To learn more
More information from your American Cancer Society
We have a lot more information that you might find helpful. Explore www.cancer.org or call our National Cancer Information Center toll-free number, 1-800-227-2345. We’re here to help you any time, day or night.
Your American Cancer Society also has books that you might find helpful. Call us at 1-800-227-2345 or visit our bookstore online at www.cancer.org/bookstore to find out about costs or to place an order.
National organizations and websites*
Cancer Really Sucks
A monitored, online resource designed for teens by teens who have loved ones facing cancer
Phone number: 212-712-8848
Offers “Pillow Talk,” a care package to help families better communicate with each other and feel more comfortable talking about cancer.
Has online materials to help children cope with the diagnosis and treatment of a parent with cancer, including a virtual comic book for children about chemotherapy (Kemo Shark) and a video for kids about a mom with breast cancer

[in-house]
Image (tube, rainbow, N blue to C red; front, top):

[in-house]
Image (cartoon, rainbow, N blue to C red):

Toll-free number: 1-800-899-2866 (If you get voicemail, leave message to get a call back)
A support network for children and teens who have a parent with cancer and for those who have lost a parent to cancer
Children’s Treehouse Foundation
Website includes resources and locations of support programs for children whose parents have cancer.
National Cancer Institute (NCI)
Toll-free number: 1-800-422-6237
To learn more about cancer, or to get special information for teens; you can call to order a special booklet for teens whose parents have cancer or read it online at: www.cancer.gov/cancertopics/when-your-parent-has-cancer-guide-for-teens
No matter who you are, we can help. Contact us anytime, day or night, for information and support. Call us at 1-800-227-2345 or visit www.cancer.org.
- How can I help anyone else when I’m so upset about the cancer coming back?
- How should I talk about cancer recurrence with my children and help them cope with it?
- What is a child’s greatest worry if a parent’s illness progresses?
- What about the “why” questions?
- How might my advancing cancer affect my child’s spirituality or religious faith?
- How do children react to the thought of a parent’s death?
- Isn’t having a positive attitude important in fighting the cancer?
- How can I help my child when I have so little energy?
- How will I know if my children need extra help?
- Will this experience leave my children with emotional scars?
- To learn more
Last Medical Review: December 5, 2014 Last Revised: December 12, 2014